Tree Frog Forestry News

Nelson researcher examines effects of forest cutting on water flow

By Bill Metcalfe
Nelson Star
April 16, 2019
Category: Forestry
Region: Canada, Canada West

Kim Green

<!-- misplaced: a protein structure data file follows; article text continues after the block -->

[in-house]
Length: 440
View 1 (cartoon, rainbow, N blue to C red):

After a forest stand has been logged or burned, how long does it take to hydrologically recover? In other words, when will snow accumulation and snow melt get back to the normal condition that would be found in a mature stand of timber? Hydrology researcher Kim Green is attempting to answer that question in a forest near Blewett, assisted by Selkirk College students and specialized equipment. “Forests intercept snow and as soon as you get rid of those forests, the dynamics, the energy, all changes, and you end up with more water coming into the system,” she says. …Green’s is one of several projects funded by a grant to Selkirk College from the Natural Science and Engineering Research Council. The grant was contingent on additional financial support from the forest industry. Kalesnikoff Lumber, Interfor, Atco, Nakusp and Area Community Forest, Slocan Integral Forestry Cooperative, and the B.C forests ministry are also supporting the research.

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